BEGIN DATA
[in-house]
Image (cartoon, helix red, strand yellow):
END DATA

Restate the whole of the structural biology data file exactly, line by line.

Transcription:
[in-house]
Image (cartoon, helix red, strand yellow):